". . . a cup of consolation, for the deaf and dumb who heretofore had been wandering in a moral desert, from the same fountain the Hinddo, the African, and the savage are beginning to draw the water of eternal life."

Thomas Hopkins Gallaudet was a Congregational minister, who described his life's work as hastening Christ's return to earth by spreading the gospel. Like many early teachers of deaf children in America, Gallaudet learned sign language for the same reason other missionaries learned Native American or African languages to bring the gospel to people seen living beyond its reach.

"No other object that the salvation of souls of the pupils can be named as of the highest moment; and to accomplish this object a very solemn responsibility is devolved upon all who are concerned in the affairs of the Asylum."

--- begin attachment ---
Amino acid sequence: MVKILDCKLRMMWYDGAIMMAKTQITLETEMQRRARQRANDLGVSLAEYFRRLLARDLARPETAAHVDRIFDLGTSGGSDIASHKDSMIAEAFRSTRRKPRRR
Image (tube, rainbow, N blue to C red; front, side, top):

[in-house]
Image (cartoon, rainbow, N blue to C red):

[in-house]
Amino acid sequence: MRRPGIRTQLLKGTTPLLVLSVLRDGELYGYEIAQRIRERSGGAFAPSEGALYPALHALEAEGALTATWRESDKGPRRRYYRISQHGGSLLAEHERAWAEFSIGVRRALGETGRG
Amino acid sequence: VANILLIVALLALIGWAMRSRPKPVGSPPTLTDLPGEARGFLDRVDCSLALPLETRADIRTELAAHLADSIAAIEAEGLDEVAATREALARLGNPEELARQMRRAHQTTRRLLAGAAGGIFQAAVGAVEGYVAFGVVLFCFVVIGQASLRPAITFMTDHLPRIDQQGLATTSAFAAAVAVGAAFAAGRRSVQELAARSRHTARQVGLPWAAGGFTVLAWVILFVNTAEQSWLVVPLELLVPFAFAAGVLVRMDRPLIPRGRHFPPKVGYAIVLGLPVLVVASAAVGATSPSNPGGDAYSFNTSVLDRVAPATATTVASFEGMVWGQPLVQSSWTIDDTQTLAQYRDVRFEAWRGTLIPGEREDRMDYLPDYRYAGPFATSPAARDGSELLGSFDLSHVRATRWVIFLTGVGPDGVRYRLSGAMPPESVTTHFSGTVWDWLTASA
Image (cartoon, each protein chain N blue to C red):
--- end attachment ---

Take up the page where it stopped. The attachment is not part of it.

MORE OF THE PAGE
~ Reverend Thomas Hopkins Gallaudet, 1817

Young ladies in long Victorian dresses signing, "Nearer My God to Thee" in unison.

Students from the Michigan School for the Deaf sign the hymn "Nearer My God to Thee." Public performances of signed songs, particularly religious songs, were popular.

The Silent Worker, 1906.
Gallaudet University Archives

Gallaudet wrote this "Catechism for the Deaf and Dumb" to teach students religious lessons.

Pennsylvania School for the Deaf Collection

Handwriting in fancy cursive